Friday, October 31, 2008

School Daze at the Daily News

Remember the old left wing ditty? "Daily News. daily blues, pick up a copy any time you choose. Seven little pennies in the newsboy's hands, send you right off to never never land." Well, it appears that never never land is right where a critical story on the city schools was sent-after the story had been already uploaded to the paper's website.

Here's the Gotham Schools take on the matter-done in her usual hard hitting style by Elizabeth Green: "Parents are outraged about those fat cat educrats at Tweed Courthouse, at least five of whom earned between $1.7 and $6 million in salaries and investments last year, the Daily News was supposed to report in today’s newspaper — but didn’t, after a late-night move killed the story."

This, on the heels of Juan Gonzales' piece on the expensive couriers being used at Tweed, was apparently too much for the Kleinemen to take: "Mr. Zuckerman, can you take a call from the chancellor?" As Green tells us: "My understanding is that the story was slated to run today both in the newspaper and online, but then got scrapped late last night. This appears to have happened because of an outside intervention, since the story had already been uploaded to the paper’s Web site, meaning it had gone all the way through the editing process. Word of the decision to kill the story — not postpone or delay or just put on the Web, but kill — came to both print and Web designers, who dutifully destroyed it, except for one thing: the Web headline, which was still visible this morning."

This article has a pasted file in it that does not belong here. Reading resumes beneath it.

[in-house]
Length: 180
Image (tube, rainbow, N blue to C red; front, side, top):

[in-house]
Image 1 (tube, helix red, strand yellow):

The story was slated to tell us the following, as one commenter at the Gotham blog culled it from Google News:

"Klein with Garth Harries, who oversees creation of new schools and boasts investments of up to $6 million. Also pictured with Klein is former aide Kristen Kane.City schoolkids and their families may be feeling the pinch of hard times, but at least five senior DOE advisers had salaries and investments that totaled between $1.7 and $6 million each last year…Deputy Chancellor Christopher Cerf, who once ran the controversial for-profit education company Edison Schools, had between $1.8 million and $3.3 million in …The department’s chief operating officer, Photeine Anagnostopoulos, was sitting on stocks and bonds worth anywhere from $2.2 million to $4.8 million. “It exposes a degree of insularity in this administration,” said David Bloomfield, a parent member of the Chancellor’s Citywide Council on High Schools."

Warning to the News: you can't keep doing this or you'll end up like the LA Times, ridiculed for withholding important information that doesn't fit your political agenda. And as the mayoral school control fight heats up, the folks will know who's telling the truth, and who's playing footsie with his billionaire buddy.